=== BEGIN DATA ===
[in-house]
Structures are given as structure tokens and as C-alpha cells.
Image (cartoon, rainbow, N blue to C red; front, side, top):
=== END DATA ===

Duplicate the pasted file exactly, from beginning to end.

[in-house]
Structures are given as structure tokens and as C-alpha cells.
Image (cartoon, rainbow, N blue to C red; front, side, top):